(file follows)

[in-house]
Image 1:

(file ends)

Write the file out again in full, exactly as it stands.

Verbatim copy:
[in-house]
Image 1: